“Forever” at the Kirk Douglas Theatre – Los Angeles theater review

Photo by Craig Schwartz.
Photo by Craig Schwartz.

Forever was, to quote an elderly gentleman leaving the theatre, “not my cup of tea.” The latest creation of writer/actress Dael Orlandersmith, this one-woman show is a piece of straight-up storytelling that just bored this reviewer. The writing is repetitive, not poetic enough to be beautiful for its own sake and not sharp enough to tell a clear story. But worse than the writing is that Orlandersmith simply sits at a podium and reads the entire thing. For 90 minutes. This would take the award for the least theatrical production I’ve seen this year—only Mary Louise Geiger, the lighting designer, seems to have gotten the memo that this piece will be performed onstage to an audience who might like something to do with their eyes.

The story itself is a tough one, about abuse and poverty and growing up poor and black in America. It’s an important story, but one that is told here with neither grace nor style. From the program, it looks like Orlandersmith was commissioned to write this piece for the Kirk Douglas based on past success, and her resume certainly is impressive. Yet what’s feels absent is a fiery story burning inside her that she needed to tell here. Rather, it seems as if she’s merely writing what she knows; a sort of lackadaisical memoir. Her performance is adequate, for a reading, but if this production is merely a reading – and it is – then it should be billed as such and not presented as part of the theatrical season. As it was, this reviewer experienced a painful mismatch between expectation and reality.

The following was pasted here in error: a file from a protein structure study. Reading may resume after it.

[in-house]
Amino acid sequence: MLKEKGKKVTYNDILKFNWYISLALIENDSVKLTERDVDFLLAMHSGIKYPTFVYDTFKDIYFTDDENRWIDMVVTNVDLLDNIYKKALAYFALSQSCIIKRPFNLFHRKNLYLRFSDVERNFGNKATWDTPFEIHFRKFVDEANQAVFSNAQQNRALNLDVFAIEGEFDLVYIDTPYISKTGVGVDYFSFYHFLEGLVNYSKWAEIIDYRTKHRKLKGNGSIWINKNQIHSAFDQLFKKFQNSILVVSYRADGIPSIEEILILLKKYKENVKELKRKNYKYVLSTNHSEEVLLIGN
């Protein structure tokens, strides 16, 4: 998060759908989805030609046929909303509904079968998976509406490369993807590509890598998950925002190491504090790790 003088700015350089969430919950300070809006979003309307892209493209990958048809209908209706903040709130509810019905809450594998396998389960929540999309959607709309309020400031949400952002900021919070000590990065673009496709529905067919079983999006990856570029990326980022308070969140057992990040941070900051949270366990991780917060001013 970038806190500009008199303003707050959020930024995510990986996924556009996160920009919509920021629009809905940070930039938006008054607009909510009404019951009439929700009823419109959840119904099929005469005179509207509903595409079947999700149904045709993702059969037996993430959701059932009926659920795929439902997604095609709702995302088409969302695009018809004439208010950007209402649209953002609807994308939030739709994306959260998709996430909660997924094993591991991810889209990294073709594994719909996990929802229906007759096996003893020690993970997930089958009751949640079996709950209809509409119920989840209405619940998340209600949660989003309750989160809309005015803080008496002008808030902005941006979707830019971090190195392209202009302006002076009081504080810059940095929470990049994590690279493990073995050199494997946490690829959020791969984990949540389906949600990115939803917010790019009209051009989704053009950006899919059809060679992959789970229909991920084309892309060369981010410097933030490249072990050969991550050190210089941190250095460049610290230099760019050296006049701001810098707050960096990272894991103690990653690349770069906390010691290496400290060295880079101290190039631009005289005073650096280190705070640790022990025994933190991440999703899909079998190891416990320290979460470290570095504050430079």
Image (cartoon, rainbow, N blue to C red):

The Center Theatre Group at the Kirk Douglas is trying to do various cool new things that I appreciate, and with cool new enterprises there are bound to be misfires. Save your money for something with more theater and more fire.

Photo by Craig Schwartz.
Photo by Craig Schwartz.


Kirk Douglas Theatre

9820 Washington Blvd., Culver City.

8 p.m. Thursdays-Saturdays; 6:30 p.m. Sundays. Call for exceptions.

Runs through Oct. 26, 2014.


Bookings (213) 628-2772 or here.

Running time: 1 hour, 30 minutes – no intermission


 Review by Brian Sonia-Wallace.




Ash Revell


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